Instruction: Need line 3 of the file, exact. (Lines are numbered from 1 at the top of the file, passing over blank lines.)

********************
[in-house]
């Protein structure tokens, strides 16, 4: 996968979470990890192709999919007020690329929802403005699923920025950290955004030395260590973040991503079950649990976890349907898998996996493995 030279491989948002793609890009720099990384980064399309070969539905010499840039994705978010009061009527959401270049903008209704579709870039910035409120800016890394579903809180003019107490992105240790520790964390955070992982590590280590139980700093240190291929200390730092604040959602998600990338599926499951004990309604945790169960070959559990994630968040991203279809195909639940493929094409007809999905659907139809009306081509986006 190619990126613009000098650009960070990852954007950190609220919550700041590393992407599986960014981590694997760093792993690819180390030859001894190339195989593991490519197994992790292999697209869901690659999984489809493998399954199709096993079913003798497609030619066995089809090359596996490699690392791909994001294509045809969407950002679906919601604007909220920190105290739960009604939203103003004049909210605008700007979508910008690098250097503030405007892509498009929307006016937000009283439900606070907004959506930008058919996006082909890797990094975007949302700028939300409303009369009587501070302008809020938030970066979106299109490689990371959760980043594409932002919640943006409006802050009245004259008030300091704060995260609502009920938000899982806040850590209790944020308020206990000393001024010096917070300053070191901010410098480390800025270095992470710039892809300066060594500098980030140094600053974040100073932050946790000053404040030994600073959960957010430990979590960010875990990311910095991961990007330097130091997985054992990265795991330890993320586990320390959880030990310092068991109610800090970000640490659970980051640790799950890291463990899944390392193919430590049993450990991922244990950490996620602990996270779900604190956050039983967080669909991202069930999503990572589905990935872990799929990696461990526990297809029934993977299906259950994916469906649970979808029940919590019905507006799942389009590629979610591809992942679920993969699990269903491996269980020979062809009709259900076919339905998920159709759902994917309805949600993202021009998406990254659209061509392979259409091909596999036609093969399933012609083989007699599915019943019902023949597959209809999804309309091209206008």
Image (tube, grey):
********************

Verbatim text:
Image (tube, grey):